Friday, February 11, 2011
Sunday, January 23, 2011
A blind spot in Dutch history
Time for a new post. Visited the literary festival Writers Unlimited last night in The Hague. Formerly known as Winternachten, this year's theme was Great Expectations with a special focus on - surprise surprise - Surinamese and Antillean literature. I went there because the author of The Black Lord, Rihana Jamaludin, was going to be interviewed. Her new book Kuis (Chastity) is out now.
Again it struck me how little the Dutch know about their own history. You tell me, how can you boss around tens of thousands people for some 300 years (read: slavery), be responsible for the displacement of thousands of immigrants from India, China and Indonesia and then basically know nothing about them, historically, culturally and religiously, let alone take responsibility?
Where the Americans and Brits draw inspiration from their past and its black pages, the Dutch have remained very very quiet. Oh yes, there is talk about the VOC mentality and about the heroics of that famous Dutch admiral Michiel de Ruyter (1607 - 1676), but there is an eardeafening silence when it comes to the man's cargo. Ignorance? Some form of collective denial?
In the UK they have the Booker Prize. It was established some forty years ago with the aim to create an English-language Prix Concourt, an award that would encourage the wider reading of the very best in fiction across the UK and the Commonwealth (former British colonies).
Winners of the prize can look forward not only to worldwide recognition but also a place in the history of English literature. Contenders over the years have ranged from well established authors to first time novelists. To name but a few: Arundhati Roy for The God of Smalls Things, Aravind Adiga for The White Tiger, Kiran Desai for The Inheritance of Loss, Michael Ondaatje for The English Patient, Salman Rushdie for Midnight's Children. The list goes on and on and on.
Is it then that Surinam does not produce quality literature? No, of course not. Don't even embark on that train of thought. It is just that this quality is unknown to a wider audience. I guess it was Cynthia McLeod who put Surinam really on the literary map with her books, especially The Cost of Sugar which is being made into a film. One might argue about the literary quality of McLeod's books, but no such argument would hold up in the case of The Black Lord, which in my humble opinion is a much better more mature book that should be made into a film (see my earlier post).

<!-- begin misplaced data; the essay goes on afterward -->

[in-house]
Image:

Mrs Jamaludin's second novel is out now: Kuis (Chastity) and again an amazingly intriguing cover. This time with a chastity belt. Now, according to Wikipedia a chastity belt is a locking item of clothing designed to prevent sexual intercourse. They may be used to protect the wearer from rape or temptation. Some devices have been designed with additional features to prevent masturbation. Chastity belts have been created for males and females.
This is where it becomes interesting. The Wikipedia definition continues by stating that the term "chastity belt" is also used as a metaphor in modern English to imply overprotectiveness ... providing unnecessary or unwanted protection.
Protection from what? From the truth? From that other perspective on Dutch history? The perspective where a spade is a spade? Where slavery is slavery?
Sunday, January 02, 2011
Saturday, January 01, 2011
- Haagse Markt in The Hague (no need to go to India or Surinam); it is one of the biggest markets in the Netherlands and goes back to 1938.
- The Kaieteur Falls in former British Guyana (next to Surinam). It is located within one of the largest and most deep rainforests in the world and said to be one of the most powerful and spectacular falls on the planet. By air, it is an hour’s flight from Georgetown, the capital of Guyana. I have no idea who took this magnificent picture, but thank you, thank you, thank you.